What's your water like?
Water quality can no longer be taken for granted. Here in Central Illinois, a variety of factors can affect how your water tastes, smells, feels and works in and around your home. Well water quality, possible contamination, an aging water distribution system, violations of federal drinking water standards and a home's plumbing are examples of things that can affect a home's water supply. Some water problems may not be as obvious as others. That's why we test your water to determine if water treatment is necessary and which option is right for you.
Hard water contains dissolved calcium, magnesium and in many cases, iron. Most homes have hard water, whether it is supplied by a private well or a municipality. In many cases, homeowners don't realize they have hard water or the constant and expensive harm it causes.
Dry skin and hair, bathtub ring, spots on glass, silverware and fixtures, dull, dingy clothing, disappointing performance and a shortened life expectancy of water-using appliances are all problems frequently caused by hard water.
Cloudy, murky or grayish water is usually caused by dissolved or suspended solids. This is also known as “turbidity.” Water can become turbid naturally or from land disturbances such as construction, storms and urban runoff.
The turbidity of your water can range from low to high. But even if your water looks clear, it could still contain a high level of dissolved solids. That's why, whether your water is turbid or not, we recommend you have it tested.
CHLORINE TASTE AND SMELL
Since the 1850s, chlorine has been used as a disinfectant to kill harmful bacteria in water itself or the pipes that transport it. Although it has helped end a number of major threats to public health and is essential at the treatment plant and in the water distribution system, it is no longer necessary once the water reaches your home.
Though chlorine is vital for stopping the spread of disease, its benefits come at a price. Chlorine tastes and smells bad. It dries skin and hair, fades clothes (bleach is made of chlorine), and can dry out the rubber seals in appliances, shortening their lives.
TASTES AND ODORS
In its pristine state, water is colorless, tasteless and odorless. So, if your water tastes or smells funny, you owe it to yourself to find out why.
- Earthy or musty taste and odor: These types of complaints are generally the result of compounds released due to decayed vegetation and are typically associated with different forms of algae. While not toxic, they are nonetheless unpleasant and can be offensive at very low concentrations.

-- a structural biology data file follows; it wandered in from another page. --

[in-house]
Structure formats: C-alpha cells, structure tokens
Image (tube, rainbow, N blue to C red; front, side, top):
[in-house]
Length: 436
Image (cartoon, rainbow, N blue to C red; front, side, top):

- “Rotten egg” smell: Another common source of smelly water is hydrogen sulfide. Hydrogen sulfide is a colorless corrosive gas which has the characteristic odor of rotten eggs. If present in high enough concentrations, it can leave an unpleasant odor on hair and clothing. It can also accelerate corrosion of metal parts in appliances.
- Metallic taste: As the name implies, a metallic taste to your water indicates the presence of metals such as iron, copper, manganese or zinc. Iron and manganese are often naturally occurring and are predominately found in groundwater. Copper and zinc can come from an aging water distribution system or the corrosion of copper plumbing and brass fittings.
IRON AND MANGANESE STAINING
Water is a natural solvent and given the needed time and conditions, it will dissolve anything it comes in contact with. That's why, depending on where you live, your water can contain iron or manganese which can cause rusty-orange or black staining. You'll see the stains on clothes, fixtures, sinks, tubs, water-using appliances and toilets.
If water has a low pH, you can see the tell-tale, blue-green stains. These stains are most noticeable on white surfaces that your water comes in contact with such as sinks, tubs and showers, toilets and even white clothing.
BACTERIA AND VIRUSES
According to the Centers for Disease Control and Prevention, there could be as many as 12 million cases of waterborne acute gastrointestinal illness annually in the United States alone. These illnesses are frequently caused by bacteria, viruses and protozoa that make their way into the water supply. Even well operated, state-of-the-art treatment plants cannot ensure that drinking water is entirely free of microbial pathogens.